PG&E to remove 70 trees along Comanche Creek; Neal Road dump expanding

8 May

Wednesday afternoon I attended the Local Government Committee meeting.  I’ve told you about the garbage franchise discussion, but there was a lot of interesting stuff at that meeting.

About the hottest topic around town right now is PG&E removing 70 trees from the area between Estes Road and the Midway, along Comanche Creek. I only know what I heard – Chico City Manager Mark Orme reported he’d just met with PG&E at the site when he arrived at Wednesday’s meeting. This will be interesting to watch – the same people that just sat there while PG&E jacked our rates to cover their pensions are going to war over the removal of trees. It’s amazing to me what it takes to get people off their dead asses.

That conversation I overheard because Orme felt it necessary to update the various members of council as they arrived for the meeting, including Mayor Mark Sorensen.

Once the meeting was up and running, minutes had been approved, and we heard reports on the garbage franchises from county and city staff, we got a report on a dump expansion. The county will expand the dump at Neal Road to include an “aerobic” composting set-up. They’re negotiating on the property right now, I have no idea how much they are going to spend on this. Paul Hahn was very enthusiastic about revamping and modernizing the dump to collect electricity from methane gas and other wonders, but it all depends on rate increases for customers, that’s the bottom line. And it will depend heavily on Chico – the county is lobbying Chico to force haulers to take Chico trash to Neal Road, this is a huge point. The dump can’t make it without Chico’s trash. According to Mark Orme, everything about the city trash deal is “still in negotiation.” He’s like a cat watching a gopher hole.

What this new expansion will mean, as far as I can tell, is we will be able to dump our food scraps in with our yard waste.  The state is pushing us always to reduce the amount  that  goes into the actual dump. Up until now, the haulers have asked us not to put food scraps in our yard waste bins, for good reason. Food scraps, especially if they include MEAT scraps, don’t compost the same as yard waste, they draw flies and rats and other pests, etc. It has to be sorted, by somebody. It stinks. So, we’ve been asked to put our plate scrapings in the trash, and it’s added to the mountain that was once a canyon. 

Now Mannel says, they will ask customers to put their food scraps in the yard waste bin, and hire people to sort it out by hand.  Mark Sorensen seemed to have a problem with this – he was hung up on the “manual” aspect of this job. See, Mark doesn’t get his hands dirty. He might talk alot about “farm boys,” but he’s never been one. When this topic of sorting out food waste came up at a morning meeting last year, he wouldn’t even discuss it. He said, “those aren’t the kind of jobs we want…” He wouldn’t even hear the woman who came forward with the proposal.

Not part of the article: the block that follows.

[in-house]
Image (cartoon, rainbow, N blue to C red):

At a time like this, we’ve got Mark Sorensen picking and choosing what kind of jobs we want around here? 

When I asked Mannel about having customers sort their food scraps into an extra bin – alot of people, like me, compost their own food scraps anyway. He indicated this was not an option – he said, “People treat all cans as garbage cans.”  Meaning, the customer cannot be trusted to do the right thing? I couldn’t argue with him, I’m not privvy to what other people put in their cans. I had a conversation years ago with a woman who ran the campus food recycling program – she said she didn’t take table scraps because they included stuff like meat and cigarettes, and she felt uncomfortable asking minimum wage college kitchen staffers to pick through people’s leavings. Mannel has no problem with dump employees sorting through a mish-mash of yard waste and food scraps as it streams by on a conveyor belt. I’m sure they’d be equipped with safety gear. As a housewife it’s no biggee to me, it’s every day life. Sorensen seemed genuinely disgusted with the idea. I see it as “green jobs.” 

So, we’ll keep an eye on the dump, it should be interesting.

The next item of interest was the new Behavioral Health Center, I’ll  pick that up when I get a chance.




2 Responses to “PG&E to remove 70 trees along Comanche Creek; Neal Road dump expanding”

  1. Jim May 9, 2015 at 7:06 am #

    Ok, now I’m confused. So they don’t want food scraps in the compost because it will attract pests. However it’s just fine to have pests attracted to garbage? I guess I don’t get the difference. We should be composting everything that will compost. That includes food scraps, kitty litter, disposable diapers, even paper products. Over at the Sierra Nevada Brewery they have a giant compost machine. They put all the food waste from the restaurant including bones, paper towels, paper plates, even plastic cups in there.

    • Juanita Sumner May 9, 2015 at 2:27 pm #

      The old policy will change – they said the new expansion would allow a site for “aerobic composting” – that sounds like what Grossman is doing over at the brewery.

      Wow, here’s the website for Hot Rot Composting, I believe this is the company that built Grossman’s composter.

      I’m guessing the county would need a lot bigger machine, or maybe a bunch of these machines lined up side by side.

      I don’t know why they would need manual sorting at the dump site, except for what Mannel indicated – people won’t sort at home, and there will be unacceptable stuff in the bins.

      I’m guessing this will cost a whopload of money, and most of the money at the dump is eaten by salaries/etc. They’re management top-heavy – there were two county employees at that meeting just to talk about it, that’s the problem.

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